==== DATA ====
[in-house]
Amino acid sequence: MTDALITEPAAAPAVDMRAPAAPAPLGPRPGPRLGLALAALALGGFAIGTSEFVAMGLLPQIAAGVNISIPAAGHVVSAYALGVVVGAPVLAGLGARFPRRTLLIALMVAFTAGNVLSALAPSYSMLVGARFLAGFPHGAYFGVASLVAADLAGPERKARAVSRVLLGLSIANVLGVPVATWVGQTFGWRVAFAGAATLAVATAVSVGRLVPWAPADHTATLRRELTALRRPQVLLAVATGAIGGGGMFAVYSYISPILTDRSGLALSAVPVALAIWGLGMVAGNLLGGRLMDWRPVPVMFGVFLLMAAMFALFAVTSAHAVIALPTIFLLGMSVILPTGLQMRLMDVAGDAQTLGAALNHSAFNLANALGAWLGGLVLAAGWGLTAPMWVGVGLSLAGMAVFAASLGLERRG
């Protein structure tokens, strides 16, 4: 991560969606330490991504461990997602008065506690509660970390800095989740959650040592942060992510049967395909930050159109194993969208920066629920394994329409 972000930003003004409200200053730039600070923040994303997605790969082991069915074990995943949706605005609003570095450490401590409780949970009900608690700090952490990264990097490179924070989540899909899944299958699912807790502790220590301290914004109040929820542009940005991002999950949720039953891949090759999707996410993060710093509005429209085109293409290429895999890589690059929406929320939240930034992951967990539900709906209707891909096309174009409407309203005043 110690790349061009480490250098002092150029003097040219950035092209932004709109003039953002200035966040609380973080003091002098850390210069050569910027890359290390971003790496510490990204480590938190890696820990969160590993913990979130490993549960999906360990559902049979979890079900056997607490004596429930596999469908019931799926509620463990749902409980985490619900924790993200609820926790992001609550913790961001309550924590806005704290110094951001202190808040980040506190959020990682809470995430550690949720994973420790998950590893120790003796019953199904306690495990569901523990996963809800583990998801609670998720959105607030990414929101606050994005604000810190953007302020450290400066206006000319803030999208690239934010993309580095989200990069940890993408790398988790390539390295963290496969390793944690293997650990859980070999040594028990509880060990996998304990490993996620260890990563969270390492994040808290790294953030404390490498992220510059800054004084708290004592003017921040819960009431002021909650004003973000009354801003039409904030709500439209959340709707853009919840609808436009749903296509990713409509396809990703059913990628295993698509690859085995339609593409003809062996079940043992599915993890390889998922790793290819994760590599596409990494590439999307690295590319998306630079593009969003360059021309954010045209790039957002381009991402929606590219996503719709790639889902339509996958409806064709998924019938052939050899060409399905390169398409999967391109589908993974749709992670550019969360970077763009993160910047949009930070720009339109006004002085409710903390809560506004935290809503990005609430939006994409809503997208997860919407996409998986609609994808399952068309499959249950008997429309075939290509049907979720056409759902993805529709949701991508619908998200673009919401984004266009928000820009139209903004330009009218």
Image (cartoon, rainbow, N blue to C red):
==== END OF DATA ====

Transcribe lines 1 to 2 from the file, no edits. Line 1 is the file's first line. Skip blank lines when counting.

[in-house]
Amino acid sequence: MTDALITEPAAAPAVDMRAPAAPAPLGPRPGPRLGLALAALALGGFAIGTSEFVAMGLLPQIAAGVNISIPAAGHVVSAYALGVVVGAPVLAGLGARFPRRTLLIALMVAFTAGNVLSALAPSYSMLVGARFLAGFPHGAYFGVASLVAADLAGPERKARAVSRVLLGLSIANVLGVPVATWVGQTFGWRVAFAGAATLAVATAVSVGRLVPWAPADHTATLRRELTALRRPQVLLAVATGAIGGGGMFAVYSYISPILTDRSGLALSAVPVALAIWGLGMVAGNLLGGRLMDWRPVPVMFGVFLLMAAMFALFAVTSAHAVIALPTIFLLGMSVILPTGLQMRLMDVAGDAQTLGAALNHSAFNLANALGAWLGGLVLAAGWGLTAPMWVGVGLSLAGMAVFAASLGLERRG